2013 course offerings that will apply toward a Climate Change Studies minor
By Sperry Desrosier, Geosciences major, Climate Change Studies minor
Wednesday, August 17, 2011
Whew, what a packed day! It’s the second day of camping on the west side of Glacier National Park in Apgar and it’s up with the sun to get an early start to hike Siyeh Pass. This trail ascends over 2,000 feet to the pass and showcases three separate valleys and a full view of Sexton glacier on the side of Going to the Sun Mountain. A funny coincidence, I had just hiked Siyeh Pass about a week previous to today with fellow classmate Julia, unbeknownst to us it was the big ten-mile hike planned for this course. When we hiked it previously, we started at Sunrift Gorge and ended at Siyeh Bend. By a little after 8:00 am we had picked up our guide and instructor for the day, Paul Rappaport. Paul is a geologist and field camp manager at the Glacier Institute. The reason this hike was chosen was because its ability to showcase the effects that climate change has had on Glacier National Park.
By 9:00 am we were on the trail with only high peaks and blue sky ahead of us! I didn’t have the greatest attitude going into the hike because I had just hiked it previously, but as I listened to the wealth of knowledge that Paul shared about the area and climate change, it seemed like a completely different hike. This prompted me to think about the changing climate and its effects. Going along the trail, it was evident that climate change is affecting the Park in many ways as we walked the first couple of miles through Preston Park. Paul pointed out the encroachment of trees into areas of higher elevation. The lessening amount of snowpack in the winter is allowing the trees to survive in these areas that would usually kill them off. Mountain goats could potentially see a loss of habitat because they live in open areas that lack trees.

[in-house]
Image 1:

The most publicized climate change issue for Glacier National Park is the progressive melting of the glaciers. When we came over the pass we had a spectacular view of Sexton Glacier. The night before a lecture by Dan Fagre showed us repeat photography of glaciers present compared to ones in the 1900s and the total glacial ice retreat. As we admired Sexton’s beauty, it was hard to visualize the red boundary lines (as we had seen in Fagre’s PowerPoint) around the glacier’s perimeter showing us the extent of its previous glory. But Paul helped us visualize by pointing out some key geological features including an old moraine marking its past terminus.
I grew up in East Glacier Park, which is a little town bordering Glacier National Park. My parents loved the park so much they named me after one of the glaciers in the Park, Sperry Glacier. This created some humor during the course, as our speakers would refer to “Sperry” as shrinking J. I feel a deep connection to the park because it is my home. It has dictated what I am studying in school as I am pursuing degrees in both geosciences and climate change.
As we lost sight of the glacier and started the five miles back to our vehicles, I was lost in thought trying to adjust to the realization that things won’t be the same in 10 or 20 years. This is huge! When I was growing up it seemed as though nothing changed and now I’m only 23 and change is happening so fast. It’s a hard concept to adjust to especially when it’s happening in your backyard and to your namesake glacier. It is difficult for humans to accept change when it isn’t forced upon us. But change is necessary to combat carbon emissions. Climate change will force us all to act in the near future as we face fluctuating landscapes, wildlife and a possible loss in our own quality of life. I am not giving up hope and I anticipate my involvement in potential solutions to curb warming, as we all should.